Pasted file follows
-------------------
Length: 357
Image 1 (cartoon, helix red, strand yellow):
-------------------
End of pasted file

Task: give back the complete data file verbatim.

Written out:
Length: 357
Image 1 (cartoon, helix red, strand yellow):